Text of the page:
Using this approach works particularly well for longer non-fiction texts, as it can help students make sense of individual chapters and “carry meaning forward” as they read on. 

Create a “Text-Structure-Conscious” Classroom

UCLA graduate school of education instructor Rebecca Alber writes that educators—the most experienced readers in the classroom—can easily forget that reading requires “predicting, making connections, contextualizing” and critiquing as we read along. 

Teachers, she writes, must back up and teach the fundamentals of comprehension, explicitly training young students to read in this active, self-reflective manner. Before students even dig into a text, for example, the class can skim it, pose questions, and make predictions. “Talk out loud as a whole group, inviting students to make predictions about what they are going to read,” Alber says.

Students should also take note of key textual features before a deeper reading, according to Alber: It is one long narrative? A poem, fictional story, or non-fiction text? If it’s non-fiction, is it something personal, like a letter, or something meant to be consumed by many, like a newspaper article? Scanning other, more minute textual features can be helpful, according to Alber. Are there subheadings? Charts or graphs? Hints in the title as to what the tone of the text might be?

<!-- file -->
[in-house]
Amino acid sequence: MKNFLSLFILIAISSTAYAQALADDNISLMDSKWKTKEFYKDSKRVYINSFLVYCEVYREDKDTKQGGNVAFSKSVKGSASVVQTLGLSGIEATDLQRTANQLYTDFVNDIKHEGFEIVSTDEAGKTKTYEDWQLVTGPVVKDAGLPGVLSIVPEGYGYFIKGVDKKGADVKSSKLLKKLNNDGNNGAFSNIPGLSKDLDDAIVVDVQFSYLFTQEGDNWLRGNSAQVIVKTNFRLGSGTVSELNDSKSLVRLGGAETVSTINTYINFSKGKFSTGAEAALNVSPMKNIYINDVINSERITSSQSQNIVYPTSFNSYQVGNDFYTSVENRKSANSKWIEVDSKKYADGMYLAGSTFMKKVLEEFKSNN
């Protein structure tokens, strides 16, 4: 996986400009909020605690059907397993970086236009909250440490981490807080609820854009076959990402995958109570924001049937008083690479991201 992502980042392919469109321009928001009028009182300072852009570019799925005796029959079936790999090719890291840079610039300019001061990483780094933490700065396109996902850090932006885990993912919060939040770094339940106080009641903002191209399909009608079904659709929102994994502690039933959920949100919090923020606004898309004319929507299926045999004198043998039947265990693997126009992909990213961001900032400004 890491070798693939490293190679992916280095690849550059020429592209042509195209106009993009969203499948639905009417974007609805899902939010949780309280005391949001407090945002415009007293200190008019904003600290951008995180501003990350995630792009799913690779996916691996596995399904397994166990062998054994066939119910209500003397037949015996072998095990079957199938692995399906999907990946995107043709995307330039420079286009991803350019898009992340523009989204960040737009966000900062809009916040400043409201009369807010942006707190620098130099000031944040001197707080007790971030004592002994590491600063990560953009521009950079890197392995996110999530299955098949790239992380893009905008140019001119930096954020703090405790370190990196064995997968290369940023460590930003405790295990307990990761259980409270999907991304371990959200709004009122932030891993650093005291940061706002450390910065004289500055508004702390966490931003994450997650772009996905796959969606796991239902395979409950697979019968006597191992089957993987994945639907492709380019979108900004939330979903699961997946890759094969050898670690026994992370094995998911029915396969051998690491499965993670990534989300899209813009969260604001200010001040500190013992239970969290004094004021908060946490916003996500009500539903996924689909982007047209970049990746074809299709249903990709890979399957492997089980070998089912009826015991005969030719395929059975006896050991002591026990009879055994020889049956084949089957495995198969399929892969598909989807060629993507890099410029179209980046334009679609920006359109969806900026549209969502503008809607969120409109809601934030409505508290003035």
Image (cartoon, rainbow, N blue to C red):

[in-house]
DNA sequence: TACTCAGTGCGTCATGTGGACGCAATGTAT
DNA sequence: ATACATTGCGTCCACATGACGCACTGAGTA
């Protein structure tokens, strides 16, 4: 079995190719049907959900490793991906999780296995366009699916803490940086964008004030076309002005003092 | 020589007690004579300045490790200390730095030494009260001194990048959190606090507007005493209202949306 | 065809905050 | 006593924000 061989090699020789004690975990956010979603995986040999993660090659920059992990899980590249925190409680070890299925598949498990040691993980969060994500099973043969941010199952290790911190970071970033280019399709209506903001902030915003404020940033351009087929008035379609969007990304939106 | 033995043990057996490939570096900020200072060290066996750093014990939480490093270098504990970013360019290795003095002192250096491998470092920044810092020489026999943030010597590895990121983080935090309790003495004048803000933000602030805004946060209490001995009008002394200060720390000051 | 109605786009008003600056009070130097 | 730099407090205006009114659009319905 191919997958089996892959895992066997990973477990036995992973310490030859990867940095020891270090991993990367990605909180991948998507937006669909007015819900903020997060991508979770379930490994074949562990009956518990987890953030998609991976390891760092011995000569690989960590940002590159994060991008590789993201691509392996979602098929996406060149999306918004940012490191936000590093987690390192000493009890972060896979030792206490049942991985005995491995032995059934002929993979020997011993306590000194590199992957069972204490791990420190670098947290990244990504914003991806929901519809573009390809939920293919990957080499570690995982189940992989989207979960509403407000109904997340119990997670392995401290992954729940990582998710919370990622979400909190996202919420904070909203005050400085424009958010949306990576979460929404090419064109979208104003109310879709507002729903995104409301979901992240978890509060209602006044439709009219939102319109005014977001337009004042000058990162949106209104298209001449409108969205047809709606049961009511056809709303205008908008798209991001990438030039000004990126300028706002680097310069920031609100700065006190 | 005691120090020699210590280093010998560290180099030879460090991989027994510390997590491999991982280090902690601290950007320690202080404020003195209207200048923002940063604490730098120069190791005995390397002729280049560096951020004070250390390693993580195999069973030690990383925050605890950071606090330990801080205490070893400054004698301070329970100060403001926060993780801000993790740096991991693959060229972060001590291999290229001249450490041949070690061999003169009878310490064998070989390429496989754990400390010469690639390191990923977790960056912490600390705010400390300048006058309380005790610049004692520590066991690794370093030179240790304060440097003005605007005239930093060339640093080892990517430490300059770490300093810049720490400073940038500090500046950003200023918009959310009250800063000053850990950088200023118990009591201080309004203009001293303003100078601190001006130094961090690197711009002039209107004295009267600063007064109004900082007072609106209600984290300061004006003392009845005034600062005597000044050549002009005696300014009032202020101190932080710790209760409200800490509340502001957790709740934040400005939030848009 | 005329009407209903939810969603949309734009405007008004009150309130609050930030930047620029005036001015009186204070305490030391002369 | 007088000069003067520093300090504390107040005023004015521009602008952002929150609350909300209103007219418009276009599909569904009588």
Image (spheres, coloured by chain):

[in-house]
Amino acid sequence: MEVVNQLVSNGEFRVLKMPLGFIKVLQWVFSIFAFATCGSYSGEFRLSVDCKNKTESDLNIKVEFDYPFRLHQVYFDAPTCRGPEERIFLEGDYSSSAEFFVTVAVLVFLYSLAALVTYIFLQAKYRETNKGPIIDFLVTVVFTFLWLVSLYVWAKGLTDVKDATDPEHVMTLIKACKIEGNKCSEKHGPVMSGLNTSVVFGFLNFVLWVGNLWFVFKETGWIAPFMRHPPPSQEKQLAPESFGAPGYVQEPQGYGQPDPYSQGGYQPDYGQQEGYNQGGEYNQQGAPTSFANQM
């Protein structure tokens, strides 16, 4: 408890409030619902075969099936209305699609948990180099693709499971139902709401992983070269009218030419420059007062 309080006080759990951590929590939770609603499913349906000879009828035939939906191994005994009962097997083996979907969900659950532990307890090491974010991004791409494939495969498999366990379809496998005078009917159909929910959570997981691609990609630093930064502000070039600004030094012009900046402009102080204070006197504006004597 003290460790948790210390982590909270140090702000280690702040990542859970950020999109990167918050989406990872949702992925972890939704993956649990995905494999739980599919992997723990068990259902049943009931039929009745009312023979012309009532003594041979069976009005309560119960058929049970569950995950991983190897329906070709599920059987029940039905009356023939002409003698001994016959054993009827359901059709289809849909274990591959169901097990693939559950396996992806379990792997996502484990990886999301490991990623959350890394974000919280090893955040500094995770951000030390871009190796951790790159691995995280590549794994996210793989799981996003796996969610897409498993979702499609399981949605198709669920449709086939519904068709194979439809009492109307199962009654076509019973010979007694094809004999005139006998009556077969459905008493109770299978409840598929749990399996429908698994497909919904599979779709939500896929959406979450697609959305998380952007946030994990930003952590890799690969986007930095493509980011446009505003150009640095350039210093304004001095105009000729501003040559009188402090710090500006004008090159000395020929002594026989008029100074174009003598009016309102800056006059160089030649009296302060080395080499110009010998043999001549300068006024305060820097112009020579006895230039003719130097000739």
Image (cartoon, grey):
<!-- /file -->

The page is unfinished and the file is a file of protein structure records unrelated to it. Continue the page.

“Providing students with knowledge of the text structure and its features will help them with comprehension and to identify the author’s goals or intent,” she says.

As students read the actual text, Alber suggests asking students to read with a purpose instead of “just reading.” Start them with phrases like, “Here's your mission as you read. Look for…” Some possible targets include “humor, author’s purpose, use of literary devices (such as foreshadowing, imagery), facts, confusion, and context clues for new words.” Modeling what this might look like for students in a sample text can help them get started. 

Students should be taught to mark up texts to keep track of their insights. Some basic annotation practices worth modeling include numbering paragraphs to keep track of evidence, circling key words, phrases, or dates, and underlining an “author’s claims and important information connected to those claims.” You can also show students how margins of a text can be used as valuable real estate—such as a place to leave questions they have about the text.

During this reading and annotation process, Alber suggests encouraging students to find connections to the text by pulling out moments they can relate to themselves, other texts they’ve read, or to society at large: “This reminds me of (my birthday party, a poem we read, that snowstorm last year).” These connections, she says, help students deepen their analysis and formulate the language needed to effectively discuss their insights in groups, or write about them during assessments.